Mississippi apologist

Famous Mississippi Author PosterMy sister sent me this link — MississippiBelieveIt.com — which has a series of posters like this one (see left) talking up the Magnolia state. The gist of the ads are, basically, that Mississippi has famous people (famous writers, famous actors and singers, famous football players), culture (the USA International Ballet Competition), and industry (space center that builds the shuttle, big Nissan automotive plant).

These posters, this Web site; it’s a gift from a Mississippi-based PR firm. They were sick of people assuming the worst about their home state.

It’s my home state, too (and one of my sister’s). And living in Minnesota now, I understand where that PR firm is coming from. I’ve found myself becoming something that I never was when I actually lived in Mississippi: an apologist.

I don’t have much of a Southern accent, or at least, I don’t sound like Cletus the Slack-Jawed Yokel from The Simpsons, and that tends to throw people off. “You’re from Mississippi?” One MN-acquaintance asked. “But you don’t have an accent. I don’t understand, were your parents . . . educated?”

“No,” I said. “I don’t understand it either — they were both hicks!”

People associate the South with a lack of education. Is that something to apologize for? Something to work to change, maybe. Mississippi recently was ranked in the bottom ten states (that’s out of 50, Mississippians) for public school-children’s writing scores.

But Mississippi is, by and large, a poor state (the median household income in 2003 was $10,000 short of the national average) — and access to quality education in the United States is, unfortunately, largely dependent on economic class. Is being poor something to apologize for? From what I’ve seen of both classes, not nearly as much as being rich.

I admit, as an English-major type, I’m particularly impressed by the writer poster (see above): Mississippi’s got mad authors. We’ve got the big guns, like Faulkner, and the money-makers, like Grisham, and the cult classics, like Eudora Welty. But does, let’s say, Pennsylvania have posters and a Web site? (Edgar Allen Poe, James Michener, and John Updike are all Pennsylvanians). Nope. Methinks the state of Mississippi protests too much. (But I haven’t heard a lot of pop culture anti-Pennsylvania sentiment in, either.)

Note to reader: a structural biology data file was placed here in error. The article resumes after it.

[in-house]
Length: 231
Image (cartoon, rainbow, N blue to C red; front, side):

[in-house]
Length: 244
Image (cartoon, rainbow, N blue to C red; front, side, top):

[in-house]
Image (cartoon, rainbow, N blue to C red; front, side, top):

So what’s there to apologize for, if not trends toward being less educated (or less wealthy)? The most weighty criticism of Mississippi I’ve encountered is a critique of culture, both said aloud (and joked) and implied — the criticism that Mississippi is the birthplace and radiating center of religious intolerance, the NRA, and racism.

Claims that Mississippians often go to church and like to hunt deer certainly won’t be taken as insults by all who hear them. Racism, however, is (or should be) universally considered the worst kind of criticism.

As I mentioned before, growing up in Mississippi, I never defended the South — I attacked it. But all the things that I myself disparaged the South for (I’m in favor of lots and lots of gun control, personally, and MS mostly isn’t) I’ve since found living in Minnesota.

My last job often took me to small towns in rural Minnesota, and I saw the same pick-up trucks, the same camouflage baseball caps, and the same gun-racks that I had found in Hattiesburg, Meridian, De Kalb . . . The great culture divide in the United States (if there can accurately be said to be one) is, I think, between city and country, urban and rural — not one drawn by the Mason-Dixon line.

The only thing familiar to rural Mississippi that I didn’t see in rural Minnesota were African Americans. Black persons make up nearly 37% of the population of Mississippi but only 4% of Minnesota’s population. That doesn’t mean there isn’t racism in Minnesota against African Americans (or African immigrants – Minneapolis has one of the largest Somali populations in the U.S.) – the FBI’s 2004 hate crime statistics reported 239 hate crimes in Minnesota (of which roughly 37% of an “anti-black” bias). The same year, Mississippi had 2 reported hate crimes (if you adjust for population, Minnesota had approximately 47 for Mississippi’s 2).

I’m not trying to disparage my adopted northern home (Minneapolis, in culture and community, is truly one of America’s great cities, and I feel lucky to live here). Nor do I want to base too much on statistics (especially when many hate crimes go unreported).

But my point has to do with the perception of racism in the United States. As a friend who teaches at the University of Minnesota noted, a lot of students now think that racism was this thing that happened in the 1960s, and then Martin Luther King Jr. came along and “fixed” it. And as Pulao pointed out to me earlier today, if people in America (some much older than 18-year old college freshmen) don’t relegate racism to a time long gone, then they place it squarely in the South, and not in their own neighborhoods.

But I can write about Mississippi misconceptions and other Americans’ prejudices about my accent all I want, and although there may have only been 2 hate crimes in Mississippi in 2004, everybody knows there were a hell of a lot more in 1954 (or 1854, even). If you are from Mississippi, like me, then you’re always faced with something real, and horribly ugly: a long history of violent racism. A history that, maybe, should never be forgiven of a state.

But as Mississippi will always be where I’m from, I’ll continue to apologize anyway.

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